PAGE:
Tag Archives: hydrodynamic focussing

Bio-material Stronger Than Steel

At DESY‘s X-ray light source PETRA III, a team led by Swedish researchers has produced the strongest bio-material that has ever been made. The artifical, but bio-degradable cellulose fibres are stronger than steel and even than dragline spider silk, which is usually considered the strongest bio-based material. The team headed by Daniel Söderberg from the KTH Royal Institute of Technology in Stockholm reports the work in the journal ACS Nano of the American Chemical Society. The ultrastrong material is made of cellulose nanofibres (CNF), the essential building blocks of wood and other plant life. Using a novel production method, the researchers have successfully transferred the unique mechanical properties of these nanofibres to a macroscopic, lightweight material that could be used as an eco-friendly alternative for plastic in airplanes, cars, furniture and other products.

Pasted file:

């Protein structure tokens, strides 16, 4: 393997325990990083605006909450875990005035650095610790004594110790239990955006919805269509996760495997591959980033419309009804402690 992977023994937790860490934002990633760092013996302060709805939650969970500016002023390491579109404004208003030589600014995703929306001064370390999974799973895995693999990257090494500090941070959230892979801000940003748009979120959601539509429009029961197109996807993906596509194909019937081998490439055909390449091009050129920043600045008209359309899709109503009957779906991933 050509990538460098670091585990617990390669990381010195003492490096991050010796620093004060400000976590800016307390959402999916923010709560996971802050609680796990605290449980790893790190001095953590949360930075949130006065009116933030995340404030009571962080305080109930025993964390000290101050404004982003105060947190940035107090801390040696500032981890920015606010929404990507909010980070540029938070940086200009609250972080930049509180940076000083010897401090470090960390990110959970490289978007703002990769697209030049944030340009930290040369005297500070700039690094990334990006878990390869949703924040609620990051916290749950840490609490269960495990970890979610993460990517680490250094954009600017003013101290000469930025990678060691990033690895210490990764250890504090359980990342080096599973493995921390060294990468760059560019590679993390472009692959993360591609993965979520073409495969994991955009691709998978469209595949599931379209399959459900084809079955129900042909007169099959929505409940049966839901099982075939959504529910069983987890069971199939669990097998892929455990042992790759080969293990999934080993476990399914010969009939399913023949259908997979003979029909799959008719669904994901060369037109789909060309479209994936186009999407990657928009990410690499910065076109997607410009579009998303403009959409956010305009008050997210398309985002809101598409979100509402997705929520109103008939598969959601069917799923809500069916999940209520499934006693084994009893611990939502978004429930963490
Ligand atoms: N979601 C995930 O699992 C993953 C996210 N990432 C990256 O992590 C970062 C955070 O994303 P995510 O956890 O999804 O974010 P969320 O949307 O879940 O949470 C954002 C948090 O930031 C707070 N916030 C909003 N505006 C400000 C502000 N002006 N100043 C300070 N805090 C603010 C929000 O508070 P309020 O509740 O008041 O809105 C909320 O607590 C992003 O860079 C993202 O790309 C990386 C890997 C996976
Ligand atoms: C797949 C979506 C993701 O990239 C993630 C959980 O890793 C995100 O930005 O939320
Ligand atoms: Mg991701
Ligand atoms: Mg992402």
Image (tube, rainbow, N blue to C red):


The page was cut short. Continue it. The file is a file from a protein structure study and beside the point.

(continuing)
The resulting fibre seen with a scanning electron microscope (SEM)

Our new material even has potential for biomedicine since cellulose is not rejected by your body”, explains Söderberg.

The scientists started with commercially available cellulose nanofibres that are just 2 to 5 nanometres in diameter and up to 700 nanometres long. A nanometre (nm) is a millionth of a millimetre. The nanofibres were suspended in water and fed into a small channel, just one millimetre wide and milled in steel. Through two pairs of perpendicular inflows additional deionized water and water with a low pH-value entered the channel from the sides, squeezing the stream of nanofibres together and accelerating it.

This process, called hydrodynamic focussing, helped to align the nanofibres in the right direction as well as their self-organisation into a well-packed macroscopic thread. No glue or any other component is needed, the nanofibres assemble into a tight thread held together by supramolecular forces between the nanofibres, for example electrostatic and Van der Waals forces.

Source: http://www.desy.de/